Turbo Strikes Again - Tracking Bluetooth Device Battery

UPDATE: Read Part 1 and Part 3!

After updating to Android 11 months back I figured I'd dive in and see what changed. I decided to revisit the Turbo battery research I did at the end of 2020. Nothing has changed from what I could see for the turbo.db itself but in the same folder we get something new. We will be taking a look at some bluetooth items found in the file at the following path:


Similar to the turbo.db, we don't have too many tables to sift through for evidence but some useful stuff nonetheless can be parsed from the "battery_event" and "device_address" tables.

Figure 1: bluetooth.db table structure in DB Browser for SQLite

Breaking down the "battery_event" table we get the following fields:
  • timestamp_millis - timestamp in milliseconds since Unix Epoch
  • device_idx - device index number, more on this later
  • battery_id - TBD, was empty for all my test evidence
  • battery_level - battery level percentage of the connected bluetooth device at that specific time
  • time_zone - the timezone of the phone when the event occurred
  • volume_level - volume level percentage of the bluetooth device at that specific time
Now onto "device_address":
  • device_idx - device index number, each unique bluetooth device gets one, incrementally from what I can tell, ties back to the field of the same name from the "battery_event" table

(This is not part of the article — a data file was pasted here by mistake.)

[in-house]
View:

• bd_addr - the MAC address of the connected bluetooth device
  • untethered_device - TBD, my assumption is 0 is no and 1 is yes, but haven't gotten any devices to be listed as untethered
  • device_identifier - universally unique device ID, 32 hex characters in length
Combining both tables we can get a better picture of when a bluetooth device was connected to the phone and some level of usage with the battery status of the bluetooth device and volume levels. Be aware that not all bluetooth devices allow for tracking battery level. From my testing it seems to have been implemented in devices that support BT v4.2 and above.

Figure 2: ALEAPP sample report

As we can see from the sample ALEAPP report I created, we see some battery levels of -1. I'm still looking into this but my thought is it may be related to a disconnection event. Another thing I had noticed is event entries are only created when the bluetooth device battery level changes (in increments of 10 at that).

Once again, Turbo in general looks to be exclusive to the Google Pixel line of phones so you most likely won't see any of this populated on other Android devices manufactured by the likes Samsung or OnePlus. I will update once I come across more answers. For now, update your ALEAPP instance!